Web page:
Q. What would you say is one of your fondest memories of being at Castleton?
A. My professors were very open, and they were available to work with me or answer any questions that I had. I also worked with the IT department as a technician, and I was more of an adult student, if that’s the right word. I wasn’t the typical age range when I was at Castleton … I had a family to support, I was married with kids. So, I had to juggle going to school, and taking care of my kids, being at home with my wife. And being able to have access to the teachers to explain things to me and help me with some of the difficulties that I had understanding certain topics, was very helpful.
I also enjoyed going to the Spartan games. I’m into soccer, so I went to the soccer games, and I played, I think, on one of the intramural teams during the one of the [fall seasons] … I had really great friends, too, that I’m in touch with … So I really enjoyed my time there making friends, lifetime friends, and building really strong relationships with people over there. Like, if I go there right now, I know someone’s going to remember me because of what I did there.
Q. Do you mind talking a little bit more about what it was like to be a non-traditional student and to have a wife and family while you were studying?
A. it wasn’t easy … I work well with structures and I’m really good at setting goals for myself, so when I started at Castleton, my goal was to graduate within two years. And I already knew what degree I wanted to pursue, so that helped me a lot. I knew I wanted to do something IT and business-related, and computer information systems set me up for that … Also, my wife was very supportive. Sometimes I’d stay up late doing my assignments, sometimes I’d go to school early to do assignments, because [at home] my kids might be screaming and that might not be conducive for me. My wife was very understanding in that sense with me, and we worked as a team to balance everything with working, going to school, studying and getting all my things done so I could graduate on time. We worked really well together, having a solid partner was really helpful.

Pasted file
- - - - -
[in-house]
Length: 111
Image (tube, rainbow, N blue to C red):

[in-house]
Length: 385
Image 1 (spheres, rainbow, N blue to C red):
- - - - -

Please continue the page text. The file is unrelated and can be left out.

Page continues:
I had some friends who were also just like me. And one thing that helped a lot was pretty much prioritizing my education. I, for example, wasn’t going to parties and stuff like that. It was pretty much go to school, go to work, come home and take care of the things that need to be done … Definitely having that goal was really helpful and working towards that was something that helped me a lot.
Q. What brought you to Castleton?
A. My wife was from Vermont, but I met her in Virginia. I was talking about school and coastal schools … and she was familiar with Castleton. I wasn’t familiar with Castleton, but I looked the school up and I was like ‘oh they have the degree that I want to pursue,’ which was computer information systems … The biggest thing was the degree was there, I could afford it financially with loans and support from my wife, and then being able to have small classroom sizes. With big schools, you probably won’t be able to know a lot of people. People wouldn’t know who you are. [At Castleton] we can talk to people and get to know people easily.
Q. What is one of the most valuable things you learned in your time here?
A. Learning how to work on a team and being able to solve difficult problems with other people. I also learned a lot about customer service through IT support because I had to help people –students and faculty and some of the employees at Castleton – resolve IT issues. That helped me improve and develop my communication skills and customer service skills and problem solving.
Q. What are you most proud of from your years at Castleton?
A. The relationships that I built. I built a lot of really good relationships while I was there, and I enjoyed my time over there a lot.
Q. Can you tell me about your first job out of college?
A. My first job out of college was with the state of Vermont. I worked as a business analyst, and I was informed about that job through Gayle Malinowski. She’s the head of IT … and she forwarded me the job listing, I applied and I went through the whole interview process … I worked there for three years until I resigned, but it was a really good job going in because I learned a lot of skills that set me up to succeed as a business analyst that I’m using today in my current job.
Q. Is your current career path what you expected it would be?